Dent disease is a rare X-linked hereditary nephropathy. Due to its rarity, disease expression has not been well defined, progress defining pathophysiology has been slow, and there has been little opportunity to critically evaluate treatment interventions. Therefore, the primary aim of this project is to 1) Develop an international registry for patients with Dent disease. This voluntary registry will be populated with data provided by physicians who care for these patients, usually nephrologists or urologists, or by patients who will supply these records. With such a registry in place we hope to enroll sufficiently large numbers of patients to accomplish the following additional Specific Aims: 2) Identify correlations between genotype and phenotype by collecting data on mutations and polymorphisms in relation to biochemical and clinical data, including that obtained from longitudinal studies of individual patients.;3) Provide resource information for patients and physicians regarding the diagnosis, management, and outcomes of Dent disease; 4) Establish well-defined patient cohorts for each disease;5) Generate hypotheses for new research. A Dent disease patient registry will expand knowledge of the clinical expression of this disease by systematically accumulating and analyzing information regarding a larger number of patients than have been studied to date. Data in the registry will allow development of consensus, evidence-based guidelines for diagnosis and management. Dissemination of educational materials will promote understanding of the disease in biomedical and patient communities, and provide resources for the evaluation, diagnosis and management of Dent disease patients. The registry will identify patient cohorts for clinical trials. Finally, the data and materials collected through the registry will promote research to improve understanding of the pathophysiology of Dent disease, its relationship to Lowe syndrome, and generate hypotheses for additional studies.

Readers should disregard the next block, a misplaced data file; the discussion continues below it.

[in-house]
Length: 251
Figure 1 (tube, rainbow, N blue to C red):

The Dent Disease registry will unify international research efforts and centralize information, allowing the tracking of larger numbers of patients than are currently accessible to individual researchers at single centers. This information in turn will be used to inform the international scientific community, caregivers, patients and families, in order to improve the care of patients with this rare disorder.
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